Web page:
U.N. forest-carbon scheme "nearly done"
COPENHAGEN (Reuters) - A U.N.-backed system to pay poorer nations for saving or replanting their forests has made significant progress at climate talks in Denmark, the official who chairs talks on the scheme said on Wednesday.
Reducing emissions from deforestation and degradation, or REDD as the scheme is called, has wide support from many nations because it puts a price on preserving and rehabilitating forests.
The scheme, for the first time, would provide an incentive to save tropical forests that soak up large amounts of planet-warming carbon dioxide, instead of cutting them down for timber or valuable cash crops.
REDD is a core issue of the talks in Copenhagen aimed at trying the lay out the roadmap for a broader, and tougher, deal to fight climate change. It has been one of the few bright spots in otherwise troubled climate talks.
"I consider this more or less agreed text except in a few places," said Tony La Vina, the chair of the REDD negotiations.
REDD was adopted in U.N. climate talks in Bali, Indonesia, two years ago as an area negotiators should explore and develop ways to promote early action.
If finally adopted, it could lead to billions of dollars flowing to developing countries and forest communities from the sale of carbon offsets that rich nations would buy to meet mandatory emissions reduction obligations at home.
Deforestation is responsible for nearly a fifth of mankind's greenhouse gas emissions and curbing forest loss is regarded as a key way to brake the pace of global warming.
The carbon market sees great potential in investing in forests through the sale of valuable carbon offsets and dozens of REDD early action projects have started in nearly 40 countries, the U.N. says.
Greens say the scheme has to be carefully designed to ensure money flows to communities to give an extra incentive to save forests and to ensure forest protection in one area doesn't lead to deforestation in another, a concept called leakage.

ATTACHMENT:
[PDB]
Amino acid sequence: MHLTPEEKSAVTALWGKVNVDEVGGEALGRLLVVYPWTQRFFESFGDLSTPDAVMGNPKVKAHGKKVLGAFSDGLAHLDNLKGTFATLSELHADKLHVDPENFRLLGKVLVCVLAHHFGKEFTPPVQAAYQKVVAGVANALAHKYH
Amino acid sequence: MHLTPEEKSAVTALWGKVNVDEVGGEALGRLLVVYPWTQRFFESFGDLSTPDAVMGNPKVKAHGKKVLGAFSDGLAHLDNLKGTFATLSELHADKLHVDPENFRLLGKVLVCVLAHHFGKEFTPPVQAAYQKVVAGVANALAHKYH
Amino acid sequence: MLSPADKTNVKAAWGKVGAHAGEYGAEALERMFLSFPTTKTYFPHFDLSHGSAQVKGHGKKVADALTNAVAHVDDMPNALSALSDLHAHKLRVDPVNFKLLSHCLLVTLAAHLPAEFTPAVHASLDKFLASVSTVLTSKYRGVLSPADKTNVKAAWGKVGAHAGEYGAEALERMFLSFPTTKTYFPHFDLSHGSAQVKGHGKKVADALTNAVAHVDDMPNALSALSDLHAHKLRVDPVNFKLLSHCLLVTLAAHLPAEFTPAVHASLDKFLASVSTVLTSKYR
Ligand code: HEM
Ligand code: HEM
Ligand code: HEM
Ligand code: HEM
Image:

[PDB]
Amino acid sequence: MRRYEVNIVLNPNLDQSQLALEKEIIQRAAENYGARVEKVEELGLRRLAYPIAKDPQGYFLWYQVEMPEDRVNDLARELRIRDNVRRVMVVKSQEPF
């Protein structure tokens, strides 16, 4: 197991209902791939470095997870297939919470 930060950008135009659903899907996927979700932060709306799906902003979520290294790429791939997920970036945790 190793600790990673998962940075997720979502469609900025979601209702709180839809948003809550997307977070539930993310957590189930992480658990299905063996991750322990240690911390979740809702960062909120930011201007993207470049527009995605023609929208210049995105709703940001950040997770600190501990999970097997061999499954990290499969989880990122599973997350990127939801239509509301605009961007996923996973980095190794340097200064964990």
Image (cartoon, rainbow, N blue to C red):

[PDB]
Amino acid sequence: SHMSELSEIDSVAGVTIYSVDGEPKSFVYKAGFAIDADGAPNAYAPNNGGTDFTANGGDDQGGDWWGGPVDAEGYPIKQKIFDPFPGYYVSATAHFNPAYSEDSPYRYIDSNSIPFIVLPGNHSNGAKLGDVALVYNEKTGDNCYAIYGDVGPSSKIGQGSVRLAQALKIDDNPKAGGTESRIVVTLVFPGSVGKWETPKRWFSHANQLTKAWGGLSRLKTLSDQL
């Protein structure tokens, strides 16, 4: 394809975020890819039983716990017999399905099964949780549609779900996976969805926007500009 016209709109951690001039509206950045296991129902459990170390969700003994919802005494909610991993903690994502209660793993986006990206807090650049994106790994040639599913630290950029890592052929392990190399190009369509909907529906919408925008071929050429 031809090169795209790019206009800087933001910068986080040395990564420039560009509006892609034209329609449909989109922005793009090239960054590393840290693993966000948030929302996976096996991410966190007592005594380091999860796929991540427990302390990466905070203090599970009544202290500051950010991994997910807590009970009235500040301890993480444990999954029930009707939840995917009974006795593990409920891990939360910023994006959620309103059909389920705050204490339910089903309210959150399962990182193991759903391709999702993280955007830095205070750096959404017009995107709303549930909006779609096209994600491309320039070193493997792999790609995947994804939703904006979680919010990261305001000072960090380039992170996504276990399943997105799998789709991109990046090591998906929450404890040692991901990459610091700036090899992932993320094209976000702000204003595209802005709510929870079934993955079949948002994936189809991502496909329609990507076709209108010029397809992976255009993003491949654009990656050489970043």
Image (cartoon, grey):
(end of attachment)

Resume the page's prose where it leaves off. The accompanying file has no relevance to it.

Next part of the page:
La Vina, from the Philippines where deforestation is a major concern, said the draft text had improved safeguards on protecting the rights of indigenous forest people and conversion of natural forests into plantations.
It also affirms that developing countries should undertake transparent efforts to govern the scheme and take steps to ensure that emissions cuts from REDD projects can be measured, reported and verified, a key requirement for investors.
But the draft text doesn't mention earlier options to set a target to halt and reverse loss of forest cover, something that greens say is needed to give nations a clear goal.
La Vina said there were still a number of "live options," such as all nations aiming to halt deforestation by 2030 and reducing deforestation and degradation by developing nations by half by 2020.
Governments must decide the final target, he said.
Financing was also still unclear but the United States pledged $1 billion as part of a $3.5 billion scheme as initial financing toward slowing deforestation, a U.S. government statement said on Wednesday.
La Vina said there was still debate on the concept of "sub national" activities. Most countries back a national approach to REDD to ensure any emissions reductions from REDD projects are accounted on a national level.
Greens see this as a loophole and fear sub-national projects could drive deforestation elsewhere in a country or region.
"Will developed countries provide financing to developing countries to stop deforestation at a national level and help get us the reductions the science say is needed?" said Roman Czebiniak of Greenpeace.
"Or will REDD be a loophole that allows big corporations to continue to pollute so long as they set up a small forestry project in a developing country?" he told Reuters.
La Vina said the dispute was unlikely to be resolved in Copenhagen but thought it might me settled during 2010.
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